During a trip to Hong Kong earlier this year, Hanako Maeda was impressed by the way young locals in the city’s Soho neighborhood mixed traditional Chinese dress, such as the cheongsam, with new streetwear. Improbably enough, “that lead to my exploration of Seventies disco,” Maeda explained backstage. It wasn’t as out of left field as it sounded. She’s been trying to bridge cultures in her fashion and encourage people to break away from a homogeneous way of dressing. In her mind, Studio 54 was where people felt free to express themselves through clothes.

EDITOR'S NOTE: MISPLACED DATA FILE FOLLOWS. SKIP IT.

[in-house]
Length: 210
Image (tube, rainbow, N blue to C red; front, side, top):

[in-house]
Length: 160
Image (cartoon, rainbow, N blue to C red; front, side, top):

The concept was nice, but mixing elements of classic Chinese fashion with the soft focus shine of the Seventies presented a challenge. The collection, full of fluid dresses and skirts with wrapping and pleating details that were at times complicated, brimmed with the curiosity and raw charm of an emerging designer who’s excited to take risks. But some of the ideas didn’t add up. The soft focus Seventies sheen of iridescent pink organza is a hard sell on any level. Likewise seafoam green. More sophisticated and complete was an asymmetric blue top and matching paperbag pants and a navy group with silver floral embroidery inspired by a vintage cheongsam.